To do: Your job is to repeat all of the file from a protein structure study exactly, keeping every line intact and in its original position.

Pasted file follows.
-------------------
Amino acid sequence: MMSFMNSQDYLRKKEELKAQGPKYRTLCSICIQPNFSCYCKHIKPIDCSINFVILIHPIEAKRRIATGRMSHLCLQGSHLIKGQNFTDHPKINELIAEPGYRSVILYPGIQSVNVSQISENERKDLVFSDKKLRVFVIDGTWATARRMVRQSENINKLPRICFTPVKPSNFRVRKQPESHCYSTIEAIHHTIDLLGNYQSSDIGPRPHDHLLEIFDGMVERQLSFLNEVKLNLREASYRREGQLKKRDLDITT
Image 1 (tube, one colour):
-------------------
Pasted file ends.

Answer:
Amino acid sequence: MMSFMNSQDYLRKKEELKAQGPKYRTLCSICIQPNFSCYCKHIKPIDCSINFVILIHPIEAKRRIATGRMSHLCLQGSHLIKGQNFTDHPKINELIAEPGYRSVILYPGIQSVNVSQISENERKDLVFSDKKLRVFVIDGTWATARRMVRQSENINKLPRICFTPVKPSNFRVRKQPESHCYSTIEAIHHTIDLLGNYQSSDIGPRPHDHLLEIFDGMVERQLSFLNEVKLNLREASYRREGQLKKRDLDITT
Image 1 (tube, one colour):